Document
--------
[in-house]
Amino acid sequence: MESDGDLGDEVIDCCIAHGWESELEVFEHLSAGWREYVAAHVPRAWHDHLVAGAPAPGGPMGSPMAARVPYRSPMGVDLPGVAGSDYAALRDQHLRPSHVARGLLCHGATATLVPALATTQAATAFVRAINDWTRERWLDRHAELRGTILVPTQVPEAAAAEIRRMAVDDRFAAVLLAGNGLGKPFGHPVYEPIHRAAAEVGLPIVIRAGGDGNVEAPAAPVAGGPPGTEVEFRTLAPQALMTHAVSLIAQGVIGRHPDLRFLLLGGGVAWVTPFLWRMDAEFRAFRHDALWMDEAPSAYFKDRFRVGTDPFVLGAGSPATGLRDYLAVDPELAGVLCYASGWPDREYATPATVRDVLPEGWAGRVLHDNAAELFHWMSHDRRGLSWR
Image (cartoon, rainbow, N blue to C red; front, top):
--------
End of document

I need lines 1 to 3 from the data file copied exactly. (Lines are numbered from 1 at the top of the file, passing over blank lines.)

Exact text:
[in-house]
Amino acid sequence: MESDGDLGDEVIDCCIAHGWESELEVFEHLSAGWREYVAAHVPRAWHDHLVAGAPAPGGPMGSPMAARVPYRSPMGVDLPGVAGSDYAALRDQHLRPSHVARGLLCHGATATLVPALATTQAATAFVRAINDWTRERWLDRHAELRGTILVPTQVPEAAAAEIRRMAVDDRFAAVLLAGNGLGKPFGHPVYEPIHRAAAEVGLPIVIRAGGDGNVEAPAAPVAGGPPGTEVEFRTLAPQALMTHAVSLIAQGVIGRHPDLRFLLLGGGVAWVTPFLWRMDAEFRAFRHDALWMDEAPSAYFKDRFRVGTDPFVLGAGSPATGLRDYLAVDPELAGVLCYASGWPDREYATPATVRDVLPEGWAGRVLHDNAAELFHWMSHDRRGLSWR
Image (cartoon, rainbow, N blue to C red; front, top):